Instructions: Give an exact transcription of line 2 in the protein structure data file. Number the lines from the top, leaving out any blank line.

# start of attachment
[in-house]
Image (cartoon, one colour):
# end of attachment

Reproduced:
Image (cartoon, one colour):